A case can be made that alcohol changes the character of some people when they drink. My father-in-law was one such person, he would be very nice till he was drinking where he turned into a completely different & abusive character. I have heard reports on how just a little excessive drinking kills brain cells that can never be replaced. Yes, alcohol has some medicinal & baking uses. The elephant in the room is the possible revenue to states just like tobacco companies have been paying. Can government ignore such a large revenue source?

    I too do not know how far this will get, let them bring this case when they get out of incarceration.

  • Todd Allen posted at 8:24 pm on Fri, Jan 4, 2013.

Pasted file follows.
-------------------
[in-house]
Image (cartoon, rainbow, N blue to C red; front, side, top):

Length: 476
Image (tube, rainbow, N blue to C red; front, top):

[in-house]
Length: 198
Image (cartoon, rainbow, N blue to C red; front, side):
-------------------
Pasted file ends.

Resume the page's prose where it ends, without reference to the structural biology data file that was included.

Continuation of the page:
Todd Allen Posts: 210

    Lloyd the inmates themselves are the ones who are filing the case, another example of wasting the courts time. I know your playing devils advocate but the main problem here is the inmates placing blame on something other than themselves. And just because the tobacco companies lost in court does not mean the correct decision was made. Anyone who is dumb enough to smoke deserves the consequences.

  • Ralph Mavity posted at 7:31 pm on Fri, Jan 4, 2013.

    Ralph Mavity Posts: 82

    Lloyd, I figured it might just be a slow news day. In law enforcement we used to say, "Never screw up on a slow news day."